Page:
Understanding the allergy and asthma epidemic

This essay was written by Stephen Jolles and Jenny Hughes and was first published in the 2004 Mill Hill Essays.

Allergic disorders affect around thirty percent of the adult population and forty percent of children, making these amongst the commonest diseases in the United Kingdom. Allergy is rapidly escalating, especially in children, at a rate of approximately five percent per year, with major implications for the patients, their families and the Health Service. Allergies result from an exaggerated sensitivity to substances which are normally tolerated by humans. Such substances, known as allergens, include among many others peanuts, milk, horses, medicines and grass pollens. Allergic disorders include asthma, hay fever and eczema, which are characterised by inflammation and the production by the immune system of a harmful antibody called immunoglobulin E (IgE). In an allergic reaction, the interaction between IgE and the allergen causes the release of inflammatory chemicals, which in turn cause symptoms such as sneezing, itching, rashes, and falls in blood pressure. The release of these inflammatory agents may also cause airway narrowing which leads to shortness of breath and wheezing, and swelling which, if in the mouth throat or airway, causes severe difficulty in breathing.

Asthma is a narrowing of the airways that is reversible over short periods of time, either spontaneously or as a result of treatment. This clinical definition distinguishes it from other predominantly irreversible causes of airway narrowing such as smoking-related chronic obstructive airways disease. Another feature of asthma is that it may be brought on by non-specific factors such as exercise or cold air. These two characteristics of asthma – reversible airway narrowing and airway hyper-responsiveness – are signs of a particular pattern of airway inflammation. This causes movement of immune cells into the lungs, increased smooth muscle surrounding small airways and increased secretion of mucus into the airways, which may form obstructive plugs. Sufferers may experience coughing during the day and night, wheezing and feeling that the chest is tight, or difficulty breathing in and out. At its most extreme asthma may be fatal.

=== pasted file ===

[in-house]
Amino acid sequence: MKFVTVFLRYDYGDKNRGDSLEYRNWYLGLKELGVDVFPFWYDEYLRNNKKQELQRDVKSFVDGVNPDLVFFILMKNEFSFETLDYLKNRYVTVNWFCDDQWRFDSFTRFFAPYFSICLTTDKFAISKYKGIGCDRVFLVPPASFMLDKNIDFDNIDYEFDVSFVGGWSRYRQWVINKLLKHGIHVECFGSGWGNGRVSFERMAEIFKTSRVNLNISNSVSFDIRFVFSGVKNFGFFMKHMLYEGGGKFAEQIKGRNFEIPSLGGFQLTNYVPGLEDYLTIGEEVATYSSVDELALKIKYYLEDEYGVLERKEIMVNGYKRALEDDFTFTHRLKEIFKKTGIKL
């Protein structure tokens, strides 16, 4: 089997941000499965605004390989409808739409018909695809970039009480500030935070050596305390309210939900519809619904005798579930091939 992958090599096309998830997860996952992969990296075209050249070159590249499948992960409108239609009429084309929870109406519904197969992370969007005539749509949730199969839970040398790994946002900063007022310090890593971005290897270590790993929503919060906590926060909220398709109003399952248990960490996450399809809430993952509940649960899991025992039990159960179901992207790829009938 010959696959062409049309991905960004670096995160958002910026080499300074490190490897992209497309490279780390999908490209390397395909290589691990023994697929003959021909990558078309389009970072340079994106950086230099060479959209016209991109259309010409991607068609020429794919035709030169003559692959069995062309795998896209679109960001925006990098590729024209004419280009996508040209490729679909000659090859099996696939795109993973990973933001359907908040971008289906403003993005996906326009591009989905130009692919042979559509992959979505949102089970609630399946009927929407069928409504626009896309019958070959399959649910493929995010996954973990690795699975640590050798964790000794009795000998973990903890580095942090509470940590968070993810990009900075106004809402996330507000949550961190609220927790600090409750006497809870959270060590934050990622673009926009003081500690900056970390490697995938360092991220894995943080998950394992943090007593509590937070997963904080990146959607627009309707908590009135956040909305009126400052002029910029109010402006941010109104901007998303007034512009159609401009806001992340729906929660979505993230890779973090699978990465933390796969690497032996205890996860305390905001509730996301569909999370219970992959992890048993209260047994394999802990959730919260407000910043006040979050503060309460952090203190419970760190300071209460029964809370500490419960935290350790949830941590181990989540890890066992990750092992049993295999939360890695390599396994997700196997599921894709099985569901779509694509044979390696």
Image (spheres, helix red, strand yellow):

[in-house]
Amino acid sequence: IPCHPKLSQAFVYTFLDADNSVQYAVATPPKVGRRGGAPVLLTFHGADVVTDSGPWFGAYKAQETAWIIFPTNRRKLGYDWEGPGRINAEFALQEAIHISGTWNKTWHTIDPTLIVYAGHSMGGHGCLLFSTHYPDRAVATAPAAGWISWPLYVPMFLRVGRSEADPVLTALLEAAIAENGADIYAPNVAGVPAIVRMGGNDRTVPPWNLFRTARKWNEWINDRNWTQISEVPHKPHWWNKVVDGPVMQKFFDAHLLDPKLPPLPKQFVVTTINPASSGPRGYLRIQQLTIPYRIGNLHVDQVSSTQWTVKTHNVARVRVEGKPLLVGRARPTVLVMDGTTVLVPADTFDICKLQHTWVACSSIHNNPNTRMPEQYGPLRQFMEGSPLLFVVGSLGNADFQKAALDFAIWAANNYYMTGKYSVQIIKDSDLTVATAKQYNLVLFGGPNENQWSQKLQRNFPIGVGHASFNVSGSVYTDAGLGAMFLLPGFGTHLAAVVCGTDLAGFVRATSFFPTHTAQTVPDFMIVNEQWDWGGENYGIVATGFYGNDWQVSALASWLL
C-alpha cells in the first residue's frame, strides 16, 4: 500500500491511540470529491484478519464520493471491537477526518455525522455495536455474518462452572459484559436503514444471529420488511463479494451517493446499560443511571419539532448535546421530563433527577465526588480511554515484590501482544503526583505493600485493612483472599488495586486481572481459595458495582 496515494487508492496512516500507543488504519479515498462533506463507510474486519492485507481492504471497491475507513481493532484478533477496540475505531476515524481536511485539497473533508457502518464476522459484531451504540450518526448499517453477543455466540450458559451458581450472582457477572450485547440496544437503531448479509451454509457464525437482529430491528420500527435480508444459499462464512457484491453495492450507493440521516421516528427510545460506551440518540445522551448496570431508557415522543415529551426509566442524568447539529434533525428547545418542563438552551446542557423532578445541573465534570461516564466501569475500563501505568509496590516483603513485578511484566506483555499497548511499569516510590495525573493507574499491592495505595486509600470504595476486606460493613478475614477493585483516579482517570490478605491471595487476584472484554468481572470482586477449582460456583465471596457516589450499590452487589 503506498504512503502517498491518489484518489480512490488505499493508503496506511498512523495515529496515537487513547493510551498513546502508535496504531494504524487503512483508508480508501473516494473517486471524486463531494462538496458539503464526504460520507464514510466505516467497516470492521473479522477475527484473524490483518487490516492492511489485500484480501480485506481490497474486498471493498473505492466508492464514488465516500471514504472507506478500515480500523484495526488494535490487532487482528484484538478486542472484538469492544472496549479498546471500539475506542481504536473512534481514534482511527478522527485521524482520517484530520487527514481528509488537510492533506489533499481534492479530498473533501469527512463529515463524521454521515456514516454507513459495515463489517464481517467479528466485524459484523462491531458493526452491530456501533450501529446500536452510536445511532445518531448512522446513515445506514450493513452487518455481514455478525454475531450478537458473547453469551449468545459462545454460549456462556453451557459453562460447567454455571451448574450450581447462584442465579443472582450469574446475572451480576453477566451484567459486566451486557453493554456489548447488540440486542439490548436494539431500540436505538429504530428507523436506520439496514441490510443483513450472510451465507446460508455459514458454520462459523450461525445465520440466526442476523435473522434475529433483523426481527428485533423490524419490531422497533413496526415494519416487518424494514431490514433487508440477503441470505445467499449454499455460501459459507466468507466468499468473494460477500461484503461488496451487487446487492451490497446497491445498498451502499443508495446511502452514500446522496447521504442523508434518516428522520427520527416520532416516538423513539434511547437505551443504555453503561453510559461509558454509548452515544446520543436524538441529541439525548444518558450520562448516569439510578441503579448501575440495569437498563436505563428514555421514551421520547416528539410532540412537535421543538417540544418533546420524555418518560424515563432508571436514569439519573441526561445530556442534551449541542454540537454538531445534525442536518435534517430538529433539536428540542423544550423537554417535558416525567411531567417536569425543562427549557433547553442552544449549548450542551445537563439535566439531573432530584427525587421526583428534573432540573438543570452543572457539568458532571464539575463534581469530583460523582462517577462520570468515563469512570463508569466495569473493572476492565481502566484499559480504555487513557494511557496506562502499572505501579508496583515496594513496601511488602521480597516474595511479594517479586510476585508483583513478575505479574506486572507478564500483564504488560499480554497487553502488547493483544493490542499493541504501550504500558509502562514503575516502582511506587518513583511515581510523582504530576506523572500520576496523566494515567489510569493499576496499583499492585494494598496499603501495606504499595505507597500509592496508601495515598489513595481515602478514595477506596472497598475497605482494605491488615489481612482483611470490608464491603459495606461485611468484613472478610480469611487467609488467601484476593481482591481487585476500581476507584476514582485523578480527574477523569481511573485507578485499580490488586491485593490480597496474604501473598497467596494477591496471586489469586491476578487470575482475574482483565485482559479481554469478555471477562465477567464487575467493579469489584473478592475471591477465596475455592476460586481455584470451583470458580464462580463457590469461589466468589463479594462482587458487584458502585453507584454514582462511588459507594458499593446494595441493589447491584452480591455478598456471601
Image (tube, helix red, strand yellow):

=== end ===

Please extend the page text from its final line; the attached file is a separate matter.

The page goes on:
People suffering from hay fever show symptoms which may include itchy, runny or obstructed nose, loss of sense of smell, sneezing, itchy eyes, facial pain, disturbed sleep and worsening of coexisting asthma. Symptoms may appear trivial, but the effects on quality of life are marked. The incidence of hay fever has increased significantly since the 1950s so that it is now the commonest immunological disorder and the commonest chronic disease of man. As the disease-causing processes in hay fever and asthma are similar it is not surprising that it also affects the majority of asthmatics.